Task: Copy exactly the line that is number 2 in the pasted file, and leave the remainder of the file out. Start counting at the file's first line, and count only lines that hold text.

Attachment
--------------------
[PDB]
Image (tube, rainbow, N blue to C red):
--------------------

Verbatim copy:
Image (tube, rainbow, N blue to C red):